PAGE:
How to Finish a Basement Ceiling

Finishing a basement ceiling is one of the steps in converting your basement into a livable space. Before attempting to convert your basement into a game room, extra bedroom, or another area, it is very important that any moisture problems be addressed properly. Once you are convinced that the basement will not leak, or is not overly damp, you can follow these steps to finish the basement ceiling.

Step 1: Measure the basement ceiling. Calculate the overall square footage of the ceiling. Then divide that number by 32, the square footage of a typical 4’x8′ sheet of drywall. Round up to the next whole number for the number of sheets of drywall you will require. Plan on purchasing one or two extra pieces to account for error during the installation process.

Step 2: Lift the first panel into place in one corner of the room. Run the panel so the longest side of the panel crosses the greatest possible number of joists.

TIP: To install drywall on the basement ceiling, you will need a helper. It’s preferable to have another person who is willing to stand on another ladder and help you lift and screw each piece of drywall into place. However, you can buy a tool that will hold the other end of the drywall for you while you screw it into place.

Step 3: Using 1 ¼ inch drywall screws, screw through the drywall and into the joists underneath. Screw into every joist, spacing fasteners 6 to 8 inches apart. Make sure there is a screw located ½ inch from the edge of the drywall.

Step 4: Work around any obstructions by drawing the necessary hole onto the drywall with a pencil, then using a drywall saw to cut out the area.

TIP: If you are cutting an opening in the center of a piece of drywall, use this tip. Draw your guidelines, then using your largest drill bit, drill through the part you want to remove. Then insert the drywall saw into the hole and cut out the area completely.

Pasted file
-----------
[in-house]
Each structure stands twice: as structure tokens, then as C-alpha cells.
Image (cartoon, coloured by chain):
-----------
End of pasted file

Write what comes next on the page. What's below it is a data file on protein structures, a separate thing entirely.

Step 5: Continue installing drywall until the entire ceiling is covered.

TIP: You may find as you finish the installation process that you will have to cut some pieces of drywall into smaller pieces. You can use a drywall saw, or use the scoring method and a utility knife. To cut drywall this way, score the back of the drywall along the cut line, using a metal straight edge and utility knife. Apply pressure to one side of the drywall to snap it apart. Use the utility knife to cut the front piece of paper and to detach the two pieces.

Step 6: Finish the ceiling by filling all of the screw head holes with joint compound using a putty knife. Tape and mud all of the seams between pieces of drywall. Allow the ceiling to dry completely before continuing.

TIP: Taping seams is tricky work for beginners. Plan on spending some time completing this step. Even then, you may find that covering the ceiling with a layer of texture to conceal flaws may be necessary.

Step 7: Prime and paint the ceiling with a long handled paint roller.


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